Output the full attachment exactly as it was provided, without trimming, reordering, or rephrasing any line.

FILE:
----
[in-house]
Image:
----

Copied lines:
[in-house]
Image: